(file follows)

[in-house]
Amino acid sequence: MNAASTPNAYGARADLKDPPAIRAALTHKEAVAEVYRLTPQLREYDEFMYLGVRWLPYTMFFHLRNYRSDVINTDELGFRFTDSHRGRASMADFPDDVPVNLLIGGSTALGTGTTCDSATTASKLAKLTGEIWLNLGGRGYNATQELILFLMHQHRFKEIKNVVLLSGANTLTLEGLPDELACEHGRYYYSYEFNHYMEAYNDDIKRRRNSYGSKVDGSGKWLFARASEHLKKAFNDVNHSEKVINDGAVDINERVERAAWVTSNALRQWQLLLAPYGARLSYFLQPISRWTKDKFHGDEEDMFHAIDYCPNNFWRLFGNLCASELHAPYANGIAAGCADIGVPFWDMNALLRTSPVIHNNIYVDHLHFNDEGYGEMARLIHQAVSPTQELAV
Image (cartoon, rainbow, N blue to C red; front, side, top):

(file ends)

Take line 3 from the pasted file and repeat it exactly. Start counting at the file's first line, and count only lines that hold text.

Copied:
Image (cartoon, rainbow, N blue to C red; front, side, top):